An algorithm, according to the website Math Vault, is “a finite series of well-defined, computer-implementable instructions to solve a specific set of computable problems.” Indeed, for most of us, the solution of everyday problems is based on the use of pragmatic linear algorithms: given A (a burned-out lightbulb, a soccer team that frequently loses, a marital crisis), the required course of action is B (replace the lightbulb, fire the coach, couples therapy, etc.). However, in contrast to replacing a lightbulb, firing a coach rarely solves the problem.
Life, in short, is not simple. Yet, most of us rely on astonishingly simplistic algorithmics for problem solving. The coronavirus offers us all an excellent opportunity to snap out of the simplistic linear illusion, certainly where medicine is concerned. The model to which we’ve been habituated – that a virus is treated with antibiotics, and that the treatment for diarrhea is a rice diet – doesn’t work when we encounter complex biological systems. In these situations, simplicity is supplanted by complexity. The division of viruses into good and bad has now been replaced by the insight that the disposition of microbes in our body does not determine only whether (linearly) we will develop a fever, but also (complexly) how much weight we’ll put on.
Stacey’s Matrix, formulated by the South African economist Ralph D. Stacey, provides a number of important insights into this complexity. To fight the coronavirus, we have all been requested, in the name of linear cause-and-effect relations, to lock ourselves in, so as “to flatten the curve.” This abruptly raised – through a controversial decision-making process – a far more complex curve: people forced into unemployment. Overnight, and without a 14-day incubation period, the economy, a no less complex field than medicine, was afflicted by a new ailment: the leave-without-pay sickness. Only time will tell who will cure it, when and how.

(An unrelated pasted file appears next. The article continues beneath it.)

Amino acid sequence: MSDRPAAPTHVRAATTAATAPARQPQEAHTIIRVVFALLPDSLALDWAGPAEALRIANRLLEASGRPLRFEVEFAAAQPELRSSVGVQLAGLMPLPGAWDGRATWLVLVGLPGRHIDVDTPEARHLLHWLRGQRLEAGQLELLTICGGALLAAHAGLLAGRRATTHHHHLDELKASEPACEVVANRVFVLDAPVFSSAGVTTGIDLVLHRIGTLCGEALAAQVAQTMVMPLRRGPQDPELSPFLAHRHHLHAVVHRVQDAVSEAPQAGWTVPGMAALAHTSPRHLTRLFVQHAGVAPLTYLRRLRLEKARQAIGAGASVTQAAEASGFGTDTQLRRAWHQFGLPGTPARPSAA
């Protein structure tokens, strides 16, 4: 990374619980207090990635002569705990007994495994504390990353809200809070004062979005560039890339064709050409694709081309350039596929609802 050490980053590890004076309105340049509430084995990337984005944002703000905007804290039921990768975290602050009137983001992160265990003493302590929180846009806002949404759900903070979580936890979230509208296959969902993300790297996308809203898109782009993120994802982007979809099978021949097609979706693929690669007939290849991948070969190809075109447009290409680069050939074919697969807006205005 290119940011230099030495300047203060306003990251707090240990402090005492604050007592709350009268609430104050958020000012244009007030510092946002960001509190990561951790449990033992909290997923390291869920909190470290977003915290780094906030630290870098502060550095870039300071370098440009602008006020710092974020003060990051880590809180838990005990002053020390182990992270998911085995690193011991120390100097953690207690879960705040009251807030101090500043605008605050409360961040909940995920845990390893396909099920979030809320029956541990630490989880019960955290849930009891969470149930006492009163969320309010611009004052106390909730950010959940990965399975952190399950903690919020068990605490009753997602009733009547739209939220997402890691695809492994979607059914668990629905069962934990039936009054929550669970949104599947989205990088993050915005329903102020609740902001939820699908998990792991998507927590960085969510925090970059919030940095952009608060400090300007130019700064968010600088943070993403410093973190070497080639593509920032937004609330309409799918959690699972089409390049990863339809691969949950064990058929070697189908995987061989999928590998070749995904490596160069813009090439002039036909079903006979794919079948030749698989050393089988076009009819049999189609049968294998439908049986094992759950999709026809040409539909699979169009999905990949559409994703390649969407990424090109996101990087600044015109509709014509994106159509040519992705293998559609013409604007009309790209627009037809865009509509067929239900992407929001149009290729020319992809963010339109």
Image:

According to Stacey’s model, which originates in the world of management, there are two axes of reference that determine the latitude for decision-making processes. The X axis in the graph refers to the level of the resultant certainty of a particular event. It does not deal with future prediction or prophecy, but with evaluating a probabilistic situation. The more familiar we are with a past event, the easier it is to evaluate what is going to happen, and the less familiar we are, the more difficult it will be. If it’s a “black swan,” something we’ve never before encountered, it will be more difficult to evaluate what the new situation will look like.
Both those who believe that the coronavirus is at most another type of flu, and those who maintain that it’s the most serious epidemic since the Spanish flu, will be on the left side of the X axis; while those who maintain that the numbers and the data that are being bandied about are not reliable, and therefore it’s impossible to know what is really happening or will happen, will be far on the right side of the X axis.
The Y axis, in contrast, does not deal with future probability, but with the organizational agreement around the values of the present – and where the coronavirus is concerned, with each community’s social pact. The broader the consensus (for example, in Israel, “Do not cast me off in old age,” or “We expect our soldiers to defend us” are sentiments most people can identify with), as indicated on the lower part of the Y axis, the easier it is for society to make decisions, even if they entail a steep price.